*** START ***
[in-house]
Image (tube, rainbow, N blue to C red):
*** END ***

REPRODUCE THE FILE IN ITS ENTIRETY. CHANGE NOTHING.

[in-house]
Image (tube, rainbow, N blue to C red):